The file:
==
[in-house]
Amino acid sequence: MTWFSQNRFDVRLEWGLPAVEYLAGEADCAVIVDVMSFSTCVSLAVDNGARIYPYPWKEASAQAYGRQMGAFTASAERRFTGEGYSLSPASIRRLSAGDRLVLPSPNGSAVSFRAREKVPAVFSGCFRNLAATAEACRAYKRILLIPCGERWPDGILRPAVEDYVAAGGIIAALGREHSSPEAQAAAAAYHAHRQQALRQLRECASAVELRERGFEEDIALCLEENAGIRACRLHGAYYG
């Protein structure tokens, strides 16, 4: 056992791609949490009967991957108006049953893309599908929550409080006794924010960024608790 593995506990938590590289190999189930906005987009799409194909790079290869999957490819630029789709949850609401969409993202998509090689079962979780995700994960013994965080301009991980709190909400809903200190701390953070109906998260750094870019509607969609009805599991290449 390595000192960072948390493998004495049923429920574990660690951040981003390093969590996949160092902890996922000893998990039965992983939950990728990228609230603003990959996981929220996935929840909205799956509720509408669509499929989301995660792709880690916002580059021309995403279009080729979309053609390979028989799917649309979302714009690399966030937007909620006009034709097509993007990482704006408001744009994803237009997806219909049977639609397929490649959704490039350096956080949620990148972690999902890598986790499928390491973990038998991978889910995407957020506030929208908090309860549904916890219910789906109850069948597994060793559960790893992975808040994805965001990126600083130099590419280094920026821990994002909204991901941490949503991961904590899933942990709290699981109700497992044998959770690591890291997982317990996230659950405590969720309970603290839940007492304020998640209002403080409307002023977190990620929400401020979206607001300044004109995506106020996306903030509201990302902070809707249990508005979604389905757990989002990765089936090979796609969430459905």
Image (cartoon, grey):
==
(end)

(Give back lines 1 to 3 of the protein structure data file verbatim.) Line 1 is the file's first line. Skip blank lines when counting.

[in-house]
Amino acid sequence: MTWFSQNRFDVRLEWGLPAVEYLAGEADCAVIVDVMSFSTCVSLAVDNGARIYPYPWKEASAQAYGRQMGAFTASAERRFTGEGYSLSPASIRRLSAGDRLVLPSPNGSAVSFRAREKVPAVFSGCFRNLAATAEACRAYKRILLIPCGERWPDGILRPAVEDYVAAGGIIAALGREHSSPEAQAAAAAYHAHRQQALRQLRECASAVELRERGFEEDIALCLEENAGIRACRLHGAYYG
């Protein structure tokens, strides 16, 4: 056992791609949490009967991957108006049953893309599908929550409080006794924010960024608790 593995506990938590590289190999189930906005987009799409194909790079290869999957490819630029789709949850609401969409993202998509090689079962979780995700994960013994965080301009991980709190909400809903200190701390953070109906998260750094870019509607969609009805599991290449 390595000192960072948390493998004495049923429920574990660690951040981003390093969590996949160092902890996922000893998990039965992983939950990728990228609230603003990959996981929220996935929840909205799956509720509408669509499929989301995660792709880690916002580059021309995403279009080729979309053609390979028989799917649309979302714009690399966030937007909620006009034709097509993007990482704006408001744009994803237009997806219909049977639609397929490649959704490039350096956080949620990148972690999902890598986790499928390491973990038998991978889910995407957020506030929208908090309860549904916890219910789906109850069948597994060793559960790893992975808040994805965001990126600083130099590419280094920026821990994002909204991901941490949503991961904590899933942990709290699981109700497992044998959770690591890291997982317990996230659950405590969720309970603290839940007492304020998640209002403080409307002023977190990620929400401020979206607001300044004109995506106020996306903030509201990302902070809707249990508005979604389905757990989002990765089936090979796609969430459905």